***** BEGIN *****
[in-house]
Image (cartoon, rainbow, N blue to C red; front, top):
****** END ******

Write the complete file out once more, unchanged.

[in-house]
Image (cartoon, rainbow, N blue to C red; front, top):